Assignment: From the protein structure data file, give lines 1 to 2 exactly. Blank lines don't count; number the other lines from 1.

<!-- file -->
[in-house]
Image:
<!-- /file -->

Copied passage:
[in-house]
Image: